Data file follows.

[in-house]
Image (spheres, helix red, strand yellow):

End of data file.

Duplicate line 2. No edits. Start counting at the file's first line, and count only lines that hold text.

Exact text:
Image (spheres, helix red, strand yellow):